Until about a year ago, it was widely believed that financial shocks occur only in emerging markets. Advanced countries with ‘mature’ financial systems had discovered the secret of markets that never crash. This so-called wisdom has now been turned on its head. The United States has sneezed, and it remains as true today as it has in the past, that when the USA sneezes, the rest of the world catches a cold.
Britain and Russia should be friends. Born of originally Russian parents, and brought up in England, I can appreciate the two countries’ cultural appeal to each other, quite apart from the fact that they were allies in the two world wars. But friends can, and do, quarrel, and friendship cannot survive escalating bickering.
American-Russian relations are plagued by ‘mutual misperceptions and misunderstanding’. So says Veronika Krasheninnikova in an important new book амерйка-россиа-холодая воина култур (America-Russia: Cold War of Cultures). Each country perceives the other through its own cultural and ideological lenses.
For centuries, humans have relied on non-renewable energy for their heat, their light and their material progress –and have worried that they would run out of it. Visiting frozen St Petersburg in 1839, the Marquis de Custine commented ‘In beholding the inroads made upon the forests we may ask, with inquietude, how will the next generation warm themselves?’ The answer was coal, a much more efficient system of heating, a few sackfulls providing as much heat as a constantly coppiced forest.
According to Forbes Magazine thirty-nine of the world’s hundred richest people are Americans. Their fortunes amount to 4.6% of US GDP. Fourteen of the world’s hundred richest people, the next largest group, are Russians. The Russian concentration of super-wealth – at 26 per cent of GDP – is much higher, since Russia’s national income is one-seventh of America’s. These figures are reported by Martin Wolf in the Financial Times of 7 November. Wolf writes that such extreme inequalities of wealth, and the inequality of power which goes with it, are bound to call into question the legitimacy of the political and economic system which allows it.
The most popular late 20th century political myth was that the world was headed irreversibly to ‘democracy’. Francis Fukuyama gave it iconic expression in his 1989 article ‘The End of History’. Democracy, argued Fukuyama, was the ‘end point of history’, and most of the world was already ‘post-historical’. Fewer share his confidence today. China and Russia, the two major post-Communist powers, have been surprisingly slow to ‘catch up’ politically; and the prospect of Islamic ‘democracy’ fills the secular west with horror.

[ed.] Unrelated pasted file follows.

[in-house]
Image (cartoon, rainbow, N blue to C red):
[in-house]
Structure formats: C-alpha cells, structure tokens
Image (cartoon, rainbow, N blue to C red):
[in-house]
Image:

‘Madness in great ones must not unwatched go’. So says King Claudius in Shakespeare’s Hamlet. I was reminded of the phrase when reading David Owen’s fascinating book, The Hubris Syndrome. Lord Owen was Britain’s youngest foreign secretary in the late 1970s, then leader of a new political party, the Social Democratic Party, so he has seen most of the world’s top leaders at close quarters. He was also a doctor before he became a politician, so he neatly combines medical and political insights.
The recent mass protests in Burma raise one of the most important questions in international affairs: when is intervention in the domestic affairs of other states justified? And if so, what form should it take? Russia and China (and more haltingly India) have taken the view that the troubles in Burma are a purely internal matter; the so-called ‘international community’ (i.e., the West) has been clamouring for stronger sanctions against the military regime, to be imposed by the United Nations.
When will the children grow up? Britain and Russia have been squaring up like surly adolescents. The Cold War is over, but both sides are addicted to Cold War games which have no purpose except to show that their testosterone is pumping powerfully.
I have not written much about the EU in these columns because it’s hard to know what to make of it. On one hand, it’s the most important political invention since the second world war-an experiment in voluntary union which transcends the old conflict between nation-state and empire, and serves as a model for a cooperative world order. However, its very voluntarism makes the EU politically ineffective. It is an economic giant, but a political pigmy. It is full of empty symbolism and bombastic rhetoric, overloaded with ‘processes’ which lead nowhere. It has some of the trappings of a state, and a state-like array of ‘competences’, but its main institutions are riddled with ‘opt outs’, and its members retain veto powers over its most vital functions.